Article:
Table of Contents
HPB Surgery
Volume 10, Issue 5, Pages 342-345

Is there a Role for Preoperative Infusion or Intraoperative Cholangiography?

Department of Surgery, The Chinese University of Hong Kong, Prince of Wales Hospital, Shatin, Hong Kong

Copyright © 1997 Hindawi Publishing Corporation. This is an open access article distributed under the Creative Commons Attribution License, which permits unrestricted use, distribution, and reproduction in any medium, provided the original work is properly cited.


Background: There has been a resurgence of interest in recent years in preoperative infusion cholangiography (PIC). The role of routine PIC compared to routine intraoperative cholangiography (IOC) has not been clearly defined.

Study design: In our department between 1985 and 1991, 1,042 of 1,576 consecutive patients with biliary calculous disease had elective cholecystectomy: 694 patients were prospectively scheduled for PIC, and 348 patients were randomly allocated to IOC. The patients in the PIC and IOC groups were similar with regard to age, history of biliopancreatic complications, and laboratory findings. The cost of PIC in Sweden is nearly five times greater than the cost of IOC.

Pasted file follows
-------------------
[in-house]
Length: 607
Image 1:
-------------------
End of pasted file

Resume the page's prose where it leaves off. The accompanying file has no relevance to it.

Results: Satisfactory opacification of the biliary system was obtained in 90.1 and 96.8 percent of patients who underwent PIC and IOC, respectively. Preoperative infusion cholangiography required support by IOC in 19.5 percent of patients. There were no statistically significant differences between the PIC and IOC groups with regard to the incidence (7 percent in both groups) of or positive predictive value (68 and 80 percent, respectively) for bile duct stones, rate of retained stones (6 and 20 percent, respectively), intraoperative (5.6 and 6.3 percent, respectively) or postoperative (13.3 and 15.9 percent, respectively) morbidity, or incidence of bile duct anomalies (0.9 and 0.3 percent, respectively). Median operative time was longer in .patients with (95 minutes) compared to those without (75 minutes) IOC (p<0.001). More postoperative complications occurred after bile duct exploration (26 of 75 patients) compared to cholecystectomy alone (114 of 917 patients, p<0.001). The 30-day mortality was zero. Minor bile duct injuries occurred in two patients (0.2 percent) at cholecystectomy, (one with and one without bile duct exploration). In no patient was the cholangiographic finding of a biliary anomaly crucial for the safe execution of cholecystectomy.

Conclusions: In our study, PIC and IOC were comparable, but routine use of either method did not promote the safety of cholecystectomy and thus their routine use is not warranted. The shorter operative time and preoperative identification of common bile duct (CBD) stones provided by PIC might favor this examination when applied selectively in patients with increased risk of having CBD stones. However, this potential advantage is offset by the need for PIC to be supported by IOC in approximately 20 percent of patients. Also, the cost of PIC is greater than the cost of IOC.